Most studies examining female sexual functions (FSFs) have used cross-sectional designs, not allowing for studying temporal stability and possible relationships between different FSFs over time. Our aim was to study these relationships using a longitudinal approach.
The study sample consisted of 2173 Finnish women from two large-scale, population-based data collections 7 years apart. The Female Sexual Function Index was used. Analyses were further conducted separately for women in different relationship constellations.
Standardized autoregressive paths ranged from 0.136 (sexual satisfaction) to 0.447 (orgasm function) in the full sample, suggesting that most of the variance in FSF was explained by something other than previous function. Orgasm, desire and satisfaction were the strongest predictors of other functions in the full sample and for women in the same relationship at both time points (higher orgasm function predicted higher function in other domains; greater sexual desire and satisfaction predicted lower function in other domains), however, with small effects sizes. For single women, orgasm function and sexual desire were the only significant autoregressive paths. Significant unidirectional cross-domain paths were found for women in the same relationship at both time points. One significant cross-domain path, not confirmed as unidirectional, was found for single women.
FSFs varied considerably over 7 years and relationship status was of importance when assessing temporal stability and cross-domain effects. Our results advocate tailored psychobehavioural treatment interventions for female sexual dysfunctions that take partner-specific factors into account.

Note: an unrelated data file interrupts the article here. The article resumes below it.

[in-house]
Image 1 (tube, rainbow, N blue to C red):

The paradox of enjoying listening to music that evokes sadness is yet to be fully understood. Unlike prior studies that have explored potential explanations related to lyrics, memories, and mood regulation, we investigated the types of emotions induced by unfamiliar, instrumental sad music, and whether these responses are consistently associated with certain individual difference variables. One hundred and two participants were drawn from a representative sample to minimize self-selection bias. The results suggest that the emotional responses induced by unfamiliar sad music could be characterized in terms of three underlying factors: Relaxing sadness, Moving sadness, and Nervous sadness. Relaxing sadness was characterized by felt and perceived peacefulness and positive valence. Moving sadness captured an intense experience that involved feelings of sadness and being moved. Nervous sadness was associated with felt anxiety, perceived scariness and negative valence. These interpretations were supported by indirect measures of felt emotion. Experiences of Moving sadness were strongly associated with high trait empathy and emotional contagion, but not with other previously suggested traits such as absorption or nostalgia-proneness. Relaxing sadness and Nervous sadness were not significantly predicted by any of the individual difference variables. The findings are interpreted within a theoretical framework of embodied emotions.